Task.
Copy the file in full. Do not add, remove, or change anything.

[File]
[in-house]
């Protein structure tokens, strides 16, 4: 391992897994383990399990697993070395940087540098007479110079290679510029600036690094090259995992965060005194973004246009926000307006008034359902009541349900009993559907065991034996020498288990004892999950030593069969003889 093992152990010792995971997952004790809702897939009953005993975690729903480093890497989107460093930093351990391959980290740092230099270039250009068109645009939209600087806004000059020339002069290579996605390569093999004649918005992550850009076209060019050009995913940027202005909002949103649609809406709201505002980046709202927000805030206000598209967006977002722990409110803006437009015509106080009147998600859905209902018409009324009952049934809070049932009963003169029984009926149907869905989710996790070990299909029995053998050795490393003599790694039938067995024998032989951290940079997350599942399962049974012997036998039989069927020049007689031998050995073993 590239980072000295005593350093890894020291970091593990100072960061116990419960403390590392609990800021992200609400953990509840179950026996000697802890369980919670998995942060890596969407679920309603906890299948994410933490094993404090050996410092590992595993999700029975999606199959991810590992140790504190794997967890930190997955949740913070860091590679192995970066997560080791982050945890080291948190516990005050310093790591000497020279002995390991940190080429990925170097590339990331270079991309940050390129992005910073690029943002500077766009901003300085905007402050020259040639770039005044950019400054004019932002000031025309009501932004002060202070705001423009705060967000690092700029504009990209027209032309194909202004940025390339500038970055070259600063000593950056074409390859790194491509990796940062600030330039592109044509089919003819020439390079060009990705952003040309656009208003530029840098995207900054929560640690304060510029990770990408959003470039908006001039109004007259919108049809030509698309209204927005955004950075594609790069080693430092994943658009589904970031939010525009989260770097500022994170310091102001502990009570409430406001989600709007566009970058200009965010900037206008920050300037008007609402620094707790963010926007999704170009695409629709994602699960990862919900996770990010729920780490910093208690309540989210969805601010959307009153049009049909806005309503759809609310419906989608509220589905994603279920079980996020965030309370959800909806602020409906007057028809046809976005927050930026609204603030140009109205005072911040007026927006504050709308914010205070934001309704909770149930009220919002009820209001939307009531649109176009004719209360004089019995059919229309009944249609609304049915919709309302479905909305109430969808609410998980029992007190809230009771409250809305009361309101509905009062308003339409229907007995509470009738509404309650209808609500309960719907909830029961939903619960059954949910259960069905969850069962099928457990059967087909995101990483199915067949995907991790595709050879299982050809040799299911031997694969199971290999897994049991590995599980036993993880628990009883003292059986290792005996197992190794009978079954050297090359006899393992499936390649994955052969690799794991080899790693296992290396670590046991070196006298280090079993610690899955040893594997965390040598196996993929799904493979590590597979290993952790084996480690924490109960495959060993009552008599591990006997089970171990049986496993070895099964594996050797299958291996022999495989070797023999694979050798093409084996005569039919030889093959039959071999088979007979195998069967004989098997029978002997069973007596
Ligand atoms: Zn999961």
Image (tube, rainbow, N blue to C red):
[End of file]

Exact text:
[in-house]
């Protein structure tokens, strides 16, 4: 391992897994383990399990697993070395940087540098007479110079290679510029600036690094090259995992965060005194973004246009926000307006008034359902009541349900009993559907065991034996020498288990004892999950030593069969003889 093992152990010792995971997952004790809702897939009953005993975690729903480093890497989107460093930093351990391959980290740092230099270039250009068109645009939209600087806004000059020339002069290579996605390569093999004649918005992550850009076209060019050009995913940027202005909002949103649609809406709201505002980046709202927000805030206000598209967006977002722990409110803006437009015509106080009147998600859905209902018409009324009952049934809070049932009963003169029984009926149907869905989710996790070990299909029995053998050795490393003599790694039938067995024998032989951290940079997350599942399962049974012997036998039989069927020049007689031998050995073993 590239980072000295005593350093890894020291970091593990100072960061116990419960403390590392609990800021992200609400953990509840179950026996000697802890369980919670998995942060890596969407679920309603906890299948994410933490094993404090050996410092590992595993999700029975999606199959991810590992140790504190794997967890930190997955949740913070860091590679192995970066997560080791982050945890080291948190516990005050310093790591000497020279002995390991940190080429990925170097590339990331270079991309940050390129992005910073690029943002500077766009901003300085905007402050020259040639770039005044950019400054004019932002000031025309009501932004002060202070705001423009705060967000690092700029504009990209027209032309194909202004940025390339500038970055070259600063000593950056074409390859790194491509990796940062600030330039592109044509089919003819020439390079060009990705952003040309656009208003530029840098995207900054929560640690304060510029990770990408959003470039908006001039109004007259919108049809030509698309209204927005955004950075594609790069080693430092994943658009589904970031939010525009989260770097500022994170310091102001502990009570409430406001989600709007566009970058200009965010900037206008920050300037008007609402620094707790963010926007999704170009695409629709994602699960990862919900996770990010729920780490910093208690309540989210969805601010959307009153049009049909806005309503759809609310419906989608509220589905994603279920079980996020965030309370959800909806602020409906007057028809046809976005927050930026609204603030140009109205005072911040007026927006504050709308914010205070934001309704909770149930009220919002009820209001939307009531649109176009004719209360004089019995059919229309009944249609609304049915919709309302479905909305109430969808609410998980029992007190809230009771409250809305009361309101509905009062308003339409229907007995509470009738509404309650209808609500309960719907909830029961939903619960059954949910259960069905969850069962099928457990059967087909995101990483199915067949995907991790595709050879299982050809040799299911031997694969199971290999897994049991590995599980036993993880628990009883003292059986290792005996197992190794009978079954050297090359006899393992499936390649994955052969690799794991080899790693296992290396670590046991070196006298280090079993610690899955040893594997965390040598196996993929799904493979590590597979290993952790084996480690924490109960495959060993009552008599591990006997089970171990049986496993070895099964594996050797299958291996022999495989070797023999694979050798093409084996005569039919030889093959039959071999088979007979195998069967004989098997029978002997069973007596
Ligand atoms: Zn999961």
Image (tube, rainbow, N blue to C red):